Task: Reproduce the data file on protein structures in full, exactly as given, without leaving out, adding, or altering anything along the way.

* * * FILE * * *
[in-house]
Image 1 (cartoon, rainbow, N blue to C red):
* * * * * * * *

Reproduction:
[in-house]
Image 1 (cartoon, rainbow, N blue to C red):